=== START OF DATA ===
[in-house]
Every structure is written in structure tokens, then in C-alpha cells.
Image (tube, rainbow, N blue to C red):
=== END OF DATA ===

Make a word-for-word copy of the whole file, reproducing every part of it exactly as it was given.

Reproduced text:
[in-house]
Every structure is written in structure tokens, then in C-alpha cells.
Image (tube, rainbow, N blue to C red):